The cosmic heirs of Hilma af Klint
Roula Khalaf, Editor of the FT, selects her favourite stories in this weekly newsletter.
In 1906, the Swedish artist and mystic Hilma af Klint was “contacted” about a large and ambitious project. Af Klint was part of a small occult group that conducted seances and communed with spiritual beings, and The Paintings for the Temple was “assigned” by one of the artist’s spirit guides. By the time of its completion in 1915, it totalled 193 works. “The pictures were painted directly through me, without any preliminary drawings, and with great force,” said af Klint of one series. Colourful, geometric and symbolistic, her other-worldy abstract compositions were wildly radical.
Once the project was finished, af Klint continued painting, but her work from 1917 until her death in 1944 was no longer guided by spirits. In 1932, she decreed that many of her paintings and drawings should be kept secret for 20 years after her death. Even then, the art world was slow to appreciate her oeuvre. In 1970, a leading modern art museum in Sweden turned down the af Klint estate. Only in the 21st century did her work begin to resonate.
Following a profile-raising exhibition in Sweden in 2013, New York’s Guggenheim opened an af Klint retrospective in 2018, and the furore around the mysterious artist and her radical, spiritual paintings reached fever pitch. The reason? “She upended everything that we thought about the history of abstraction,” says Tate Modern international-art curator Nabila Abdel Nabi.
Today, the fascination around af Klint continues to grow, fuelled by a flurry of new books and the current blockbuster exhibition at Tate Modern until 3 September. Meanwhile, the influence of her lyrical abstraction, and the tale of mysticism and mediumship behind it, is palpable among a constellation of artists working today.
“I’m particularly drawn to the way she was able to integrate figuration, abstraction and diagrammatic organisation on the same canvas,” says Los Angeles-based artist Molly Greene, whose surreal configurations are meticulously painted and exude a pastel-hued, crystal-tinted glow. “Af Klint solidified my comfort with making symmetrical images,” adds New York-based Loie Hollowell, whose pulsating abstracts are hotly sought-after (auction prices are upwards of $1mn). “I also really like the relationship of her work to the body, the way the large works encompass you and bring you in.” Hollowell’s body-based works are also autobiographical. “During my first pregnancy, I started making paintings with big semi-circles; I’d compose them in geometric layouts, thinking about the breasts, belly, head and butt,” she says. The painted surface is also built upon in foam, creating a 3D element that she recently pushed further, “bringing the actual physical cast of the pregnant belly into the work”.
Hollowell doesn’t refer to herself or her work as “spiritual”. Nor does fellow New-Yorker Angela Heisch, whose dynamic abstract work was recently exhibited at Pippy Houldsworth Gallery in London (the show sold out before opening, with half of the works going to institutions). The New Zealand-born painter does, however, mention “vibrational force” as a common theme in these latest works, which draw the viewer into central spherical forms, reminiscent of pearls or planets. She also admits an interest in “that unknown component that ties us all together – in trying to get across feelings and emotions”.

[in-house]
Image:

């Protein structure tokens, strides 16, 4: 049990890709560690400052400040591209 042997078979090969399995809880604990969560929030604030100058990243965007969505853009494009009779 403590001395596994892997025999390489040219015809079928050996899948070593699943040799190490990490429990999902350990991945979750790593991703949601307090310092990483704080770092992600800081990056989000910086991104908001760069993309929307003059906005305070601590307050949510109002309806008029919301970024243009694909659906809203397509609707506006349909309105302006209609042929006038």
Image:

In her book The Other Side: A Journey into Women, Art and the Spirit World, Jennifer Higgie writes that “the very air throbbed with unseen energies” for af Klint. “The question was how to interpret them? How to give them shape?” For artists today, the nature of these “energies” is interpreted in different ways. “I feel like I’m channelling something,” says Kazakhstan-born artist Aigana Gali, whose recent show at Kristin Hjellegjerde’s London gallery featured light-filled canvases of mystical, organic symbols and spectrums that she says began with dreams: “I would become a colour. I have no explanation why. But in the beginning I would dream myself as the colour orange.”
Chilean artist Johanna Unzueta sees af Klint as one of a number of artists who “understood geometry and abstraction as a means to connect to something metaphysical”, she says. Unzueta’s watercolour and pastel patterns strive to make the same connection; punctuated with pinholes, they are often presented as freestanding forms that let light shine through. Los Angeles-based artist Eamon Ore-Giron agrees. His geometric constellations are inspired by “an abstraction born in the Americas”, but he also feels a “simpatico relationship towards [af Klint’s] approach – not just as formalist exercises, but as a means to express personal philosophical ideas”.
But the spiritual and the self are not separate forces in the mind of French, Belgo-Congolese artist Tiffanie Delune: “What guides my practice is something already inside me,” she says. “It’s hard to explain, but maybe it’s a mix of your ancestors, your soul, and all of your other influences and travels.” Her latest body of work was made in Accra and shown at the city’s Gallery 1957, with floral motifs at the fore of an ultra-bright palette.
“What really comes through in af Klint’s work today is the interconnectedness of things,” Abdel Nabi concludes. “The ecological perspective that structures her work, asking questions about the very fragile and delicate relationships that form our universe, is something we’ve never been more aware of. She thought about her work as being for future generations – and I think we are that generation.”
Hilma af Klint & Piet Mondrian: Forms of Life is at Tate Modern until 3 September